Catholics also confuse Tradition:

John Hardon, in his Question and Answer Catholic Catechism, says:

84. What is Sacred Tradition?
Sacred Tradition is the unwritten word of God that the prophets and apostles received through the inspiration of the Holy Spirit and, under his guidance, the Church has handed on to the Christian world. St. Paul told the faithful: 'Stand firm, then, brothers, and keep the traditions that were taught you, whether by word of mouth or by letter' (2 Thessalonians 2:15).

87. How has Sacred Tradition been handed on?
Sacred Tradition, which is divine revelation in oral form, has been handed on by the Church's doctrine, life and worship.

This leads to the belief that you have one source (God) but two vehicles of divine revelation, one written (Scripture) and one oral (Tradition). I certainly was of this opinion!
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  #37  
Old 24th July 2008, 09:44 PM
Ron Conte Ron Conte is offline
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This confusion occurs because there are two things to consider:

Tradition itself - the infallible deeds of God in salvation history

the transmission of Tradition - by spoken and written word (not infallible), and by deed and example (also not infallible)

But obviously anything oral can be written down, so the main distinction between Tradition and Scripture cannot be that one is spoken and the other written. Also, the individual acts that serve to transmit Tradition are not infallible. But Tradition itself must be infallible, so there must be a distinction between Tradition itself and its means of transmission.

This distinction also occurs with Sacred Scripture. The means of transmitting Scripture (by particular translations and edits of the Bible) can have errors particular to that translation or edition, yet the truths being transmitted are inerrant.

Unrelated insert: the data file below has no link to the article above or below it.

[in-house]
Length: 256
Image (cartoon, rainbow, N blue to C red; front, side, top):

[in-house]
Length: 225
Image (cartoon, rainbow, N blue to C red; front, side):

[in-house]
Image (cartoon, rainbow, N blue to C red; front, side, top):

Yes, I think you are right that it is providential. This definition of Tradition is one that might be more acceptable to Protestants. They cannot deny that there were deeds by God in salvation history.
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  #38  
Old 24th July 2008, 10:11 PM
Rob Rob is offline
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Ron, I like you analogy of Tradition and Scripture to music and words, it helps to visualize better the distinction between the two:

"Tradition and Scripture are like a song with both music and words. They are in perfect harmony together and together they express the same thing. The music can be discussed in words, but it can never actually be put into words without ceasing to be music. Just so, Tradition is the truths of God that cannot be put into words without ceasing to be Sacred Infallible Tradition. "
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  #39  
Old 26th July 2008, 01:43 AM
Pontifex Pontifex is offline
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Originally Posted by Ron Conte View Post
Most theologians do not understand that Tradition is the deeds wrought by God in the history of salvation. Also, not many theologians write at length about Tradition itself. Those who think that some truths are found only in Tradition or only in Scripture, but not both, generally don't understand Tradition to be deeds; they tend to confuse Tradition with the transmission of Tradition.

It would make sense that the deeds of God in the history of Salvation are to have a foundation in Scripture because one would come to the conclusion that If something is not in Scripture, it is not in Scripture. And if it is not in Scripture, it is not part of the Deposit of Faith.
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  #40  
Old 3rd August 2008, 08:52 PM
Pontifex Pontifex is offline
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Quote:
Originally Posted by Ron Conte View Post
This understanding has always been implicit in the spiritual life and worship of the Church. The faithful have always lived according to the example of Christ, which is preeminent within Tradition. But this idea has not always been understood explicitly, in these same terms.

Ron, then should your teachings about Tradition contained in your article be caveated in the sense that, although implicit in the Church's doctrine (which you suggest and I agree with), it has not been explicitated by the Magisterium as of yet and therefore infallible.